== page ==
July, 2008

  • The Old New Thing

    Theorize if you want, but if the problem is right there in front of you, why not go for the facts?


    On an internal discussion list, somebody asked a question similar to this:

    My program launches a helper program. This helper program does different things based on the command line parameters, but the way I'm using it, it just prints its results to the console and exits. When I launch this program and wait for it to exit, my wait never completes. Why isn't the helper program exiting? Here's the code that I'm using to launch the helper process...

    It wasn't long before people chimed in with their suggestions.

    Have your main program call exit() at the end.
    If you're redirecting stdout, you may be forgetting to drain the pipe. Otherwise, if the program generates too much output, the pipe fills and the helper program blocks writing to it.
    Alas, that didn't help. Whether I redirect the output or not, the helper process still hangs.

    Eventually I had to step in.

    I can't believe I'm reading this discussion. It's like watching a room full of child psychologists arguing over why Billy is crying. They're all expounding on their pet theories, and none of them bothers to ask Billy, "Why are you crying?"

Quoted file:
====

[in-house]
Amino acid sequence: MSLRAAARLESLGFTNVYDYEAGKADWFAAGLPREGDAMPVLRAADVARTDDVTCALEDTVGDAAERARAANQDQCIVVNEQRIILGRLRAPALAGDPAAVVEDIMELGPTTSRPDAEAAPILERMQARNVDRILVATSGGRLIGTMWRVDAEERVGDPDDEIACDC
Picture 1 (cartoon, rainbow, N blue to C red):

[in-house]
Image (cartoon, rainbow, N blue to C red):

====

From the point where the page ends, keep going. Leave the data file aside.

Connect a debugger to the helper process. See why it's crying.

    You can sit around developing theories all you want, but since the problem is right there in front of you, the quickest way to figure out why the helper process isn't exiting is to connect a debugger and look at it to see why it's not exiting.

    This is like the software version of the black crayons story.

  • The Old New Thing

    The Microsoft Company Picnic has as a side effect a demonstration of Microsoft's rich cultural diversity


    You hear parents scolding their kids in so many different languages.

  • The Old New Thing

    Windows could not properly load the XYZ keyboard layout


    In my rôle as the family technical support department, I get to poke around without really knowing what I'm doing and hope to stumble across a solution. Sometimes I succeed; sometimes I fail.